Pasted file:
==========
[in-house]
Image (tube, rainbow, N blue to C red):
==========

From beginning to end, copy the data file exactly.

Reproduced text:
[in-house]
Image (tube, rainbow, N blue to C red):